Will the powers that be act? Probably not. There's so much else wrong with the sport that this issue is hardly noticed. The integrity of the boxing is at risk, but some people are of the view that the sweet science is so tarnished already that a gambling scandal won't hurt it.

They're wrong.

* * *

A postscript on the April 8th fight between Floyd Mayweather Jr. and Zab Judah.

After Judah's January 7th loss to Carlos Baldomir, it looked as though the bout was going down the drain. But the fighters agreed to purse cuts (Zab's cut went deeper) and "The Battle of the Bling" was on again.

The story-line for the fight was that Judah lacked the professionalism to prepare properly and fight like a champion against Baldomir but would do better against Mayweather.

"Judah ought to be ashamed of himself," Bob Arum said, elaborating on that theme. "But if you say maybe that wasn't really Judah in the loss to Baldomir, that it was a Judah who was a God-damned moron and didn't prepare for his fight and that the real Judah could give Mayweather a contest, that's a different thing. All I'm doing is making events that I believe I can sell to the public. Sometimes I'm right; sometimes I'm wrong."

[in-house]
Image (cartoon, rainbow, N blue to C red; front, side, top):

A second attention-grabber was that Mayweather-Judah featured Arum and arch-rival Don King co-promoting for the first time since Oscar De La Hoya versus Felix Trinidad in 1999. "Don and I have been around for a long time," Arum proclaimed at the kick-off press conference. "I think it's fair to say that, each in our own way, we do a pretty good job of promoting a fight. Together, we're magic."

"Every rap artist in America will be at this fight," King added, putting his own spin on the promotion.

Mayweather opened as a 4-to-1 favorite and, in some quarters, the odds soared as high as 6-to-1. As for the fight itself, everything that happened was expected to happen except for the now-infamous extra-curricular brawl.